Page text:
Two weeks into the Butch Jones tenure at the University of Tennessee, the Tennessee Volunteers have gotten off to about as good of a start as they could imagine. The Vols pitched a shutout in a glorified tuneup game to start the year against overmatched Austin Peay before earning a dominating victory against Bobby Petrino’s Western Kentucky Hilltoppers on Saturday.
Neither victory was the kind that you hang your hat on as a football team, but seeing a Tennessee team that clearly overmatched their opponent go out and dictate the way the Vols have is a welcomed departure from the three years of futility Tennessee fans endured under Derek Dooley. However, now things really start to get difficult for Butch Jones and Tennessee.
A trip to Eugene to play the Oregon Ducks looms on the horizon, and despite having lost head coach Chip Kelly to the Philadelphia Eagles, Oregon looks as explosive as ever. They enter the week ranked at No. 2 in the nation and are coming off a 59-10 dismantling of the Virginia Cavaliers in Virginia.
Mark Helfrich has Oregon’s offense clicking on all cylinders and these Oregon Ducks look as good or better than the 2010 team that absolutely destroyed the Vols in Neyland Stadium on their way to a national title game appearance. Saturday, they’ll be over three touchdown favorites over the Vols.
So what exactly is reasonable in terms of expectations for Butch Jones and Tennessee?
Competitive aspirations aside, if the Vols were to play with any sort of intensity for four entire quarters, that’d certainly be an improvement over their last game with the Ducks. It seems a given that you demand a team give maximum effort for four quarters, but given this team’s propensity to give up when overmatched under Derek Dooley, it’s only natural that you’d fear effort could be a lingering issue.
The Vols routinely rolled over in the second half in game’s against upper-echelon opponents, and playing the role of massive underdog in a place like Autzen Stadium can break the confidence and focus of even the most veteran of teams. Unfortunely, this Tennessee team is far from veteran.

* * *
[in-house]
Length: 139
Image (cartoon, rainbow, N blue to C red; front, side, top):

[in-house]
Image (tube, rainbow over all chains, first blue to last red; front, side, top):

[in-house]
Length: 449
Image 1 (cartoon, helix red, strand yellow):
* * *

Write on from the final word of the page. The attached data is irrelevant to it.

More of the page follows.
Of course, the Tennessee Volunteers will have to lean heavily on a running game that has impressed through the first two weeks of the season. With Oregon’s explosive offense, Tennessee will desperately want to try to do whatever they can to control the tempo and keep that high-powered offense off the field.
A veteran offensive line combined with two experienced (and improved) options at tailback shouldn’t be rattled by a hostile environment, having dealt with week-to-week life in the SEC over the last few years. However, expect Oregon to plan accordingly and load the box, encouraging new junior starting quarterback Justin Worley to try to beat the Ducks with his arm.
Worley has been erratic in his first two starts, struggling with accuracy in limited passing attempts during the first two weeks of the season. Oregon will undoubtedly bait Worley into taking shots downfield, and Worley will have to be able to take advantage if the Vols are going to have any shot.
Defensively, the Tennessee Volunteers will have to continue to swarm the football and wreak havoc. Oregon led the nation last year in turnover margin, and, thus far, they’ve forced opponents into six turnovers in 2013 to their own zero.
Defensive coordinator John Jancek’s unit forced seven turnovers (five in six plays) on Saturday, and while it isn’t realistic to expect a team as well-coached as Oregon to give the football away over a half-dozen times, the Vols will have to force Oregon into mistakes if they hope to notch the upset victory on the road.
Ultimately, the Vols are looking at the prospects of being massive underdogs because they don’t have the type of talent Oregon does, and everything will have to go right for the Vols to be competitive in this one in Autzen. However, don’t expect Butch Jones’ squad to rollover the way they may have in the past.
The Tennessee Volunteers have a new energy about them under Butch Jones, and I expect the effort to be there on Saturday at the very least. And while effort alone won’t be enough to beat Oregon, that’s about the most reasonable expectation you could have this weekend.
Then again, when has an SEC fanbase ever been collectively reasonable?